But considering that Spotify’s catalogue is growing by 60,000 songs per day, there’s a lot to manage and there’s no way to guarantee that all payments will be fair.
It’s better to focus on what you can do on your own to write great tracks, promote them and grow your audience.
If you’ve had a breakout hit that resulted in lacklustre Spotify royalties, remember to look at the bigger picture—you’ve got a lot to be excited about!
Without the help of a record label your tracks are resonating with audiences on Spotify, your fan base is growing and your next releases are only going to be bigger and bigger.
Your job is to come up with creative ways to grow and monetize your audience—do that and that big streaming payday will eventually come.
Your next releases are only going to be bigger and bigger.
Three ways to make money with Spotify
Aside from streaming royalties, there’s a handful of ways to make money with Spotify.
Let’s take a look at some promotion ideas open to you once you distribute your music to Spotify.
1. Sell merch on your artist profile
Spotify has a surprisingly good platform for selling merch—they’ve recently partnered with Shopify to make processing and managing merch sales even easier.
Of course, making sure your artist profile is updated regularly with new playlists, photos, music and merch will help with getting more eyes on your profile.
Spotify has a surprisingly good platform for selling merch.
Don’t forget to link to your Spotify profile from your social media profiles too!
2. Promote concert tickets
On top of selling merch, Spotify has a great feature that helps you keep your fans up to date with any of your touring plans.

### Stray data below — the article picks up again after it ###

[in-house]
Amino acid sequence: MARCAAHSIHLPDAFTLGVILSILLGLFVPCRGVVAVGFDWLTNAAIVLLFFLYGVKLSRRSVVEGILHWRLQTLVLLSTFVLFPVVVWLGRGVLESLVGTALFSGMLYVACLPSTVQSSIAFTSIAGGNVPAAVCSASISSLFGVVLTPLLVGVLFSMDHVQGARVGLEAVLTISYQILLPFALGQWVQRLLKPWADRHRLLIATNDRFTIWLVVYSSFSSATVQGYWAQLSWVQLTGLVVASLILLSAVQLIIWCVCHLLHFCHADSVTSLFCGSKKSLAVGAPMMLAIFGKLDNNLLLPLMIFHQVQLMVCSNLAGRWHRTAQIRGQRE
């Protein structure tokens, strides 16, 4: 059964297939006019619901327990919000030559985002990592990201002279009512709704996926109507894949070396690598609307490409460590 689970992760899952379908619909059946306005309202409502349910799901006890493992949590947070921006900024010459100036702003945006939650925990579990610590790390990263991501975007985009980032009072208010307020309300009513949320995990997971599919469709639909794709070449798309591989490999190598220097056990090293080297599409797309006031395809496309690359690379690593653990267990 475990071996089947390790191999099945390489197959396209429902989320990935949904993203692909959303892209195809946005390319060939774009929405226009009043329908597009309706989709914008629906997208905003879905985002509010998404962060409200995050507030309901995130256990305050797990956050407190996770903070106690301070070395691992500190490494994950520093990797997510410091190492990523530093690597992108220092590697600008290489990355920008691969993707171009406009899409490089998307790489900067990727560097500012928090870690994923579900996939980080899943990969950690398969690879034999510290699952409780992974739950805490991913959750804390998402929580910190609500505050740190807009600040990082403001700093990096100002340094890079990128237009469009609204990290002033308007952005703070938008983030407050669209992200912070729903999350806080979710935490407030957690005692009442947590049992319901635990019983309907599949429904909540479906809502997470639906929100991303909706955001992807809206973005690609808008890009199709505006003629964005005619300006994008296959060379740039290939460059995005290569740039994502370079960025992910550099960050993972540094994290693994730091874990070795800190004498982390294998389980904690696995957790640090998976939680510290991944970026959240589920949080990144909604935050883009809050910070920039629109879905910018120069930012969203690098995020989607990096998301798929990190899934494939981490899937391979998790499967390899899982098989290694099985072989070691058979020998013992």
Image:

If you have an upcoming date, even if it’s a local one at the bar around the corner, don’t be shy about sharing it on your artist profile.
Playing shows is a tried and true way to build your fan base and gain exposure, and you should be promoting your shows on every possible avenue available to you.
3. Get on a legitimate playlist
While you should be wary of sketchy pay-for-play schemes, legitimate playlists like the ones curated by Spotify itself or any playlist that curates handpicked artists is a super great way to connect with wider audiences.
It’s easy to apply for a Spotify curated playlist placement too, especially if you distribute your music through LANDR Distribution.
Once your music is live through LANDR’s Distribution platform, your Spotify profile will automatically be created and verified if it hasn’t already, and you’ll be able to submit your tracks for playlisting.
That means someone from Spotify will audition your track and decide whether it belongs on a specific curated playlist.
Don’t be shy about submitting your tracks to other reputable media organizations that curate artist playlists on Spotify too, there’s plenty of magazines, websites and brands that have excellent playlists on the platform.
Focus on the big picture
Remember why you got into making music in the first place—you love writing and creating tracks for your fans.
Focus on that, and the big opportunities will come your way.
Various contributors from the LANDR team of music mentors.